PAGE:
Floating collimator

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Floating collimator was an early collimator widely used in astronomical observations. It was invented by an English physicist and astronomer Captain Henry Kater; he reported about his invention to the Royal Society in January, 1825.[1]

His collimator was meant to replace a level, or plumb-line, in astronomical observations, and to furnish a ready and perfectly exact method of determining the position of the horizontal or zenith point on the limb of a circle or zenith sector. Its principle is the invariability, with respect to the horizon, of the position assumed by any body of invariable figure and weight floating on a fluid.

Floating collimator consists of a rectangular box containing mercury, on which is floated a mass of cast-iron about twelve inches long, four broad, and half an inch thick, having two short uprights or Y's of equal height, cast in one piece with the rest. On these is firmly attached a small telescope, furnished with cross wires, or, what is better, crossed portions of the fine balance-spring of a watch, set flat-ways, and adjusted very exactly in the sidereal focus of object glass.

The float is browned with nitric acid to prevent the adhesion of the mercury, and is prevented from moving laterally by two smoothly polished iron pins, projecting from its sides in the middle of its length, which play freely in vertical grooves of polished iron in the sides of the box.

When this instrument is used, it is placed at a short distance from the circle whose horizontal point is to be ascertained, on either side, suppose the north, of its centre, and the telescopes of the circle and of the collimator are so adjusted as to look mutually at each other's cross wires, in the manner practised by astronomers Gauss and Friedrich Bessel, first of all coarsely, by trial, applying the eye to the eyeglasses of the two instruments alternately; and, finally, by illuminating the cross wires of the collimator by a lantern and oiled paper, taking care to exclude false light by a black screen, having an aperture equal to that of the collimator, and making the coincidence in the manner of an astronomical observation, by the fine motion of the circle.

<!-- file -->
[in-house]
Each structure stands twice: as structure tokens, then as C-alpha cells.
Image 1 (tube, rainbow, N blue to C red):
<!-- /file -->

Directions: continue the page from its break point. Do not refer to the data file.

The microscopes on the limb are then read off, and thus the apparent zenith distance of the collimating point, intersection of the wires, is found. The collimator is then transferred to the other (south) side of the circle, and a corresponding observation made without reversing the circle, but merely by the motion of the telescope on the limb. The difference of the two zenith distances so read off is double the error of the zenith or horizontal point of the graduation, and their semi-sum is the true zenith distance of the collimating point, or the co-inclination of the axis of the collimating telescope to the horizon.

By the experiments detailed in captain Kater's paper, read before the Royal Society in 1825, it appears that the error to be feared in the determination of the horizontal point by this instrument, can rarely amount to half a second, if a mean of four or five observations be taken. In 151 single trials, two only gave an error of two seconds, and one of these was made with a wooden float.


  1. ^ The Description of a Floating Collimator. By Captain Henry Kater. Read January 13, 1825. [Phil. Trans. 1825, p. 147.]

This article is based on the item in The London encyclopaedia: or, Universal dictionary of science, art, literature, and practical mechanics, Volume 6, Printed for Thomas Tegg, 1829. (Google eBook)